This post is part of the series, SmallBusiness.com Guide to Alternative Funding: Information and resources related to forms of alternative financing and lending. You can browse other posts in the series below.
On Wednesday, the Securities and Exchange Commission (SEC) adopted final rules to facilitate smaller companies’ access to equity capital through small-company public financial marketplaces mandated by Title IV of the Jumpstart Our Business Startups (JOBS) Act. As we reported nearly 18 months ago, these rules are long past the required issue date the law required. The new regulations (dubbed Regulation A+) address the issue of how the investment opportunities of the JOBS bill will be opened up to investors who don’t fit the current definition of a “qualified” or “accredited” investor.
To discourage high-risk investing in early-stage companies, investments regulated by the SEC and state regulatory agencies require investors in such companies to be “accredited.” Simply stated, this means they must have a high net worth to demonstrate their ability to withstand the failure of the company. Regulation A+ does not require the investor to have a specific networth, rather it limits investment by individuals to no more than 10 percent of the greater of the investor’s annual income or net worth.
The regulations will enable smaller companies to offer and sell up to $50 million of securities in a 12-month period, subject to eligibility, disclosure and reporting requirements. “These new rules provide an effective, workable path to raising capital that also provides strong investor protections,” said SEC Chair Mary Jo White. “It is important for the Commission to continue to look for ways that our rules can facilitate capital-raising by smaller companies.”
The 2 Tiers of Regulation A+
For offerings of securities of up to $20 million in a 12-month period, with not more than $6 million in offers by selling security-holders that are affiliates of the issuer.
For offerings of securities of up to $50 million in a 12-month period, with not more than $15 million in offers by selling security-holders that are affiliates of the issuer.
Both Tiers are subject to certain basic requirements while Tier 2 offerings are also subject to additional disclosure and ongoing reporting requirements. The final rules also provide for the preemption of state securities law registration and qualification requirements for securities offered or sold to “qualified purchasers” in Tier 2 offerings. Tier 1 offerings will be subject to federal and state registration and qualification requirements, and issuers may take advantage of the coordinated review program developed by the North American Securities Administrators Association (NASAA).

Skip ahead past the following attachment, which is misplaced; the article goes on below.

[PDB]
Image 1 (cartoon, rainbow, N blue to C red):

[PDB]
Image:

The rules will be effective 60 days after publication in the Federal Register.
Investor and Owner, Beware
While there are obvious benefits of opening up what some are calling a “Mini IPO” marketplace, there typically is a period of Wild West days when any new investment opportunity arises. There will be scams and frauds, as there will also be the ability to raise capital in a creative and innovative fashion. But at what cost? Going public, even if it’s in a “mini” way, piles on a wide array of financial, legal and disclosure needs that can suck up a big portion of the founder’s time and energy. Before accepting investors and each quarter thereafter, you will be required to issue public documents that will be available to your customers, employees and competitors regarding the revenue, costs and earnings of the company. You will be giving up the types of flexible management that make it easy for small companies to “pivot” when a new opportunity arises. After a Mini IPO, before any such changes in plan, you will have to take into consideration the commitments the company has made to investors.
In other words: This is not something you should enter into lightly. You want to consider it with the guidance of your team of trusted legal and financial advisors.